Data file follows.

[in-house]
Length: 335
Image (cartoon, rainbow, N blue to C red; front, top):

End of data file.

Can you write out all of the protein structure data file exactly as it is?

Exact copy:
[in-house]
Length: 335
Image (cartoon, rainbow, N blue to C red; front, top):